Duo DJ Format and Abdominal unleash their first full album together on 28th April. We sat down with the pair ahead of its release to talk about why they’re Still Hungry, why now is the prime time for a collaborative record, and what to expect from another eagerly anticipated joint tour.
By Katie Manning.
The album is named after your track Still Hungry, why did you pick this song to title the record?
Abdominal: We actually had the album title first and then decided we should write a title track to sum up the sentiment.
So what is the sentiment of the album?
Format: For me personally, describing how I felt about my approach to making music, that I’m very much still hungry. It’s the same for Andy (Abdominal), we didn’t want anyone to feel that we were just putting out music for the sake of trying to make a comeback or make money. It’s still very much our passion and we’re still hungry to do this as artists, we feel we’re at our peak and are still giving it everything we’ve got. Andy you probably wanna elaborate on that.
Abdominal: I agree with everything Matt’s (DJ Format) saying, musically speaking but then even beyond that in terms of life in general, how as we get older we face some obstacle maybe that life throws our way. So it’s like we’re also still hungry to tackle those trials and tribulations and persevere in life and keep going, so it works for me musically, but also personally.
It’s a very honest album, with tracks such as We’re back. Was that important to you to not blur things, and be honest with people about how you’re feeling?
Abdominal: Yeah, I think my writing has always been that way, just really inspired by events in my life. It’s obviously the only thing I know so I don’t wanna come out and talk about things I haven’t experienced, or things I think people wanna hear about. All I can do is express my experience and turn it into art or music, so that’s always been the case and this album’s no exception.
Format: I think that’s why people really relate to you as a rapper, because they feel like they know you, that’s the impression I get.
Abdominal: Yeah, I get that feeling too, it really is a personal connection and people come up to me at times or message me online to say they’ve gone through something similar in life, or it’s really helped them because they don’t feel quite as alone, as they see that there are other people out there experiencing this sort of thing. So, it is important to connect with the listener in that way, it’s my own personal experience but there are some universal themes in there that people go through.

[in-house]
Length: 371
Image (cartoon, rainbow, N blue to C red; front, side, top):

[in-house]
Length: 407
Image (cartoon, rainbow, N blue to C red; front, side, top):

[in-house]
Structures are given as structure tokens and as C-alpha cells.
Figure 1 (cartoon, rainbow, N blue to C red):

You’ve been long time collaborators, what made you decide now was the time to do a full album as a duo?
Format: Initially, it had been 10 years since we last did a live show together, and we thought it would be fun to mark that landmark with a reunion tour for old times sake, to see if anyone out there still wanted to hear our old songs and come party with us, and the response was just so much more overwhelming than we could have imagined. Most of the shows sold out, people were coming in their droves and singing along to every word, and we thought wow this is such a good feeling, if there are that many people that still wanna hear this kind of music and hear what we’re doing we should get back together, and for the first time do a whole project together. So we said let’s do it, let’s do a whole album together that’s us in equal measure.
Abdominal: It was also fun for us, after we did that first show on the reunion tour we were both exhilarated, the adrenaline was flowing like oh my god look how fun this is to get on stage and get this kind of response. There was obviously the demand for it from our fans, and for us as well it was really gratifying, and it’s always been a good collaboration artistically so a full album together appealed to me.
There are a lot of different sounds coming through the album, you’ve got some ska/funk/hip-hop elements. What kind of artists inspire you or inspired this album?
Format: From a musical viewpoint as the one who puts the music together, I listen to a lot of different music, mostly late 60’s early 70’s. That could be jazz/blues/soul/funk/rock/reggae, but it’s generally an older sound, so I like to take little bits and pieces from those old records to create a hip-hop album for now. I do more of a classic hip-hop kind of sound, maybe more the 90’s kinda sound, but I’m just inspired by a lot of different music and that naturally comes out in the hip-hip that I make.
You’ll be playing the Wardrobe in Leeds on May 3rd.
Format: Yeah that’s gonna be the first show of the tour!
What can we expect from you guys at a live show?
Abdominal: A little of the old, a little of the new. We’ll be presenting this new material which is fresh for us, so we’re excited about bringing that to people. We’ll also be doing our older material, we can’t get away from that stuff. We still find it fun performing it so there will be those earlier collaborations as well, so we can mash it all together. We’re still working out the details of the set, but other than that it’s just our usual stage approach which is a very stripped down, traditional, pure hip-hop approach; one DJ, one MC, two turntables, and nothing more than that, no pyrotechnics or anything. We always aim to bring a very energetic, entertaining show.